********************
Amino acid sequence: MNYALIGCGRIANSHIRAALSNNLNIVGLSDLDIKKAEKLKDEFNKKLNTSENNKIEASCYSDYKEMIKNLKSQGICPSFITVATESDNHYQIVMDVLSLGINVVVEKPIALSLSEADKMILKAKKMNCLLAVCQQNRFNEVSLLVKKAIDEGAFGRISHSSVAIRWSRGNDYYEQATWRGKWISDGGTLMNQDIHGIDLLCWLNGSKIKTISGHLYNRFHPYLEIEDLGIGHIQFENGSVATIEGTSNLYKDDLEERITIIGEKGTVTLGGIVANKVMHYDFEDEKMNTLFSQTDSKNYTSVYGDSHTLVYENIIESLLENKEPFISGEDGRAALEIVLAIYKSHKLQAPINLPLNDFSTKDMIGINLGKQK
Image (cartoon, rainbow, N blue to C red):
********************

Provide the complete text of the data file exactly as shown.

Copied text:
Amino acid sequence: MNYALIGCGRIANSHIRAALSNNLNIVGLSDLDIKKAEKLKDEFNKKLNTSENNKIEASCYSDYKEMIKNLKSQGICPSFITVATESDNHYQIVMDVLSLGINVVVEKPIALSLSEADKMILKAKKMNCLLAVCQQNRFNEVSLLVKKAIDEGAFGRISHSSVAIRWSRGNDYYEQATWRGKWISDGGTLMNQDIHGIDLLCWLNGSKIKTISGHLYNRFHPYLEIEDLGIGHIQFENGSVATIEGTSNLYKDDLEERITIIGEKGTVTLGGIVANKVMHYDFEDEKMNTLFSQTDSKNYTSVYGDSHTLVYENIIESLLENKEPFISGEDGRAALEIVLAIYKSHKLQAPINLPLNDFSTKDMIGINLGKQK
Image (cartoon, rainbow, N blue to C red):